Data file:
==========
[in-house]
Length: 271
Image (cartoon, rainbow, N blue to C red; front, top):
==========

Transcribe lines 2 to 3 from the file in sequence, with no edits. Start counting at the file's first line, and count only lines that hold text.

Length: 271
Image (cartoon, rainbow, N blue to C red; front, top):